Use FsLex and FsYacc to make a parser in F#

Update: The template I posted yesterday was for PowerPack which is not the most recent version available. I have since updated the template to target PowerPack If you installed the old template you may need to uninstall at Tools\Extension Manager...


Jomo Fisher—F# is excellent for parsing text and creating new languages. The F# PowerPack contains two tools—FsLex.exe and FsYacc.exe—to create powerful lexers and parsers. However, it isn’t so easy to configure a Visual Studio project correctly to use these tools. To help with this, I made a project template that you can use to get started quickly. Just follow these quick steps:

1)      Download the F# PowerPack from here.

2)      In VS2010, go to File\New Project. Select ‘Online Templates’ and search for ‘F# Parsed’ (or my name).


The starter project implements a simple calculator language that you can grow into a more sophisticated Domain Specific Language or text processing application.

Credit goes to Matt Valerio and Brian McNamara for figuring out the details and to Don Syme for making the calculator language that this is based on. Bugs and omissions are probably my fault. Please let me know what you think, and whether you have any issues or spot any bugs that I should address.

This posting is provided "AS IS" with no warranties, and confers no rights.

Comments (8)

  1. Phil says:

    I'd really like this, as I struggled to get Don's calculator sample from Chapter 16 of Expert F# running on VS2010. Unfortunately the template appears to be tied to version of the PowerPack, so if you download the latest Powerpack as I did its probably not going to work…

  2. jarana says:


    The VS2010 template does not work for F# PowerPack

    Is there a way to fix it?

    Thanks in advance.

  3. jarana says:


    The VS2010 template does not work for F# PowerPack

    Is there a way to fix it?

    Thanks in advance.

  4. jarana says:


    The VS2010 template does not work for F# PowerPack

    Is there a way to fix it?

    Thanks in advance.

  5. pblasucci says:

    Nice work. Although the extension seems to fail if one uses of the power pack; it complains it can not find the version.

  6. jhugard says:

    To update the template to work properly with PowerPack, find the following Zip file:

    C:Users<yourname>AppDataLocalMicrosoftVisualStudio10.0ExtensionsJomo FisherF# Parsed Language

    Unpack the zip, and edit "Language.fsproj" find the line with "FSharpPowerPack-" and replace with the following, then repack the zip.


    Also, if you have unchecked "Save new projects when created" via "Tools|Options", then also edit "Language.vstemplate" to add the following line at the end of the <TemplateData> section:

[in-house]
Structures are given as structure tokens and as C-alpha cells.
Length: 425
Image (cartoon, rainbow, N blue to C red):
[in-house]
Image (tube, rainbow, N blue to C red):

7. jhugard says:

    Just noticed that you updated the template.  However, it appears that the version downloaded from within VS2010 is still the old version – even deleting the AppData directory did not help.

    When you fix this, would you mind also updating the .vstemplate to enable PromptForSaveOnCreation, so that the template works when "Save new projects on creation" is turned off?

    Finally, make sure you don't hard code the path to Program Files, since it won't work if the root drive is not C:, and won't work on an x64 install (since PowerPack is installed into "Program Files(x86)"… Relative off of $(MSBuildExtensionsPath32) worked just fine for me.

  8. Nathan Phillips says:

    Thanks for the starter – I'll be using this to quickly get started building my parser. The sample code is over-complicated for what it does though. Exactly the same effect (including operator precedence) is achieved with a single expression discriminator.

    From Ast.fs:

    type Expr =

       | Float of Double

       | Integer of Int32

       | Times of Expr * Expr

       | Divide of Expr * Expr

       | Plus of Expr * Expr

       | Minus of Expr * Expr

    From parser.fsy:


       | Expr PLUS Term { Plus($1, $3) }

       | Expr MINUS Term { Minus($1, $3) }

       | Term { $1 }


       | Term ASTER Factor { Times($1, $3) }

       | Term SLASH Factor { Divide($1, $3) }

       | Factor { $1 }


       | FLOAT { Float($1) }

       | INT32 { Integer($1) }

       | LPAREN Expr RPAREN { $2 }

    From Program.fs:

    let rec evalExpr expr =

       match expr with

       | Float x   -> x

       | Integer x -> float x

       | Times (term, fact)  -> (evalExpr term) * (evalExpr fact)

       | Divide (term, fact) -> (evalExpr term) / (evalExpr fact)

       | Plus (expr, term)  -> (evalExpr expr) + (evalExpr term)

       | Minus (expr, term) -> (evalExpr expr) – (evalExpr term)

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